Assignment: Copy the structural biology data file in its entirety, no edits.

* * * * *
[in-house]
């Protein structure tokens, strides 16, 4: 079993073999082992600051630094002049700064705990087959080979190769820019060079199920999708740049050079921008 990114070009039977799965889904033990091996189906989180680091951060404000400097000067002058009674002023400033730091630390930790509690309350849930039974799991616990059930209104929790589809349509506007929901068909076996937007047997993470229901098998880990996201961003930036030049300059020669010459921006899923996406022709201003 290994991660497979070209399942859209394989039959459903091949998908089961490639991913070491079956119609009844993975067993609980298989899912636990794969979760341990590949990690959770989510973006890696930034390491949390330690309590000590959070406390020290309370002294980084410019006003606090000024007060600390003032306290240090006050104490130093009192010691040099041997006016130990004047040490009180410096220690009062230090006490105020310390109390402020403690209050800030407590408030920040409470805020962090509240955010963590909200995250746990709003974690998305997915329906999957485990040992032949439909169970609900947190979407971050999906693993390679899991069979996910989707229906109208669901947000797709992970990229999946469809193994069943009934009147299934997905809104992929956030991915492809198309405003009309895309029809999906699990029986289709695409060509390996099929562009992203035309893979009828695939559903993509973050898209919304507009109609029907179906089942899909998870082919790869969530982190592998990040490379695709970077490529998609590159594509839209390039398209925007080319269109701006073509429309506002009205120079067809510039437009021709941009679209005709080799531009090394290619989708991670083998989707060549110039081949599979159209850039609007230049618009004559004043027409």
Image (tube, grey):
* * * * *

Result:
[in-house]
């Protein structure tokens, strides 16, 4: 079993073999082992600051630094002049700064705990087959080979190769820019060079199920999708740049050079921008 990114070009039977799965889904033990091996189906989180680091951060404000400097000067002058009674002023400033730091630390930790509690309350849930039974799991616990059930209104929790589809349509506007929901068909076996937007047997993470229901098998880990996201961003930036030049300059020669010459921006899923996406022709201003 290994991660497979070209399942859209394989039959459903091949998908089961490639991913070491079956119609009844993975067993609980298989899912636990794969979760341990590949990690959770989510973006890696930034390491949390330690309590000590959070406390020290309370002294980084410019006003606090000024007060600390003032306290240090006050104490130093009192010691040099041997006016130990004047040490009180410096220690009062230090006490105020310390109390402020403690209050800030407590408030920040409470805020962090509240955010963590909200995250746990709003974690998305997915329906999957485990040992032949439909169970609900947190979407971050999906693993390679899991069979996910989707229906109208669901947000797709992970990229999946469809193994069943009934009147299934997905809104992929956030991915492809198309405003009309895309029809999906699990029986289709695409060509390996099929562009992203035309893979009828695939559903993509973050898209919304507009109609029907179906089942899909998870082919790869969530982190592998990040490379695709970077490529998609590159594509839209390039398209925007080319269109701006073509429309506002009205120079067809510039437009021709941009679209005709080799531009090394290619989708991670083998989707060549110039081949599979159209850039609007230049618009004559004043027409």
Image (tube, grey):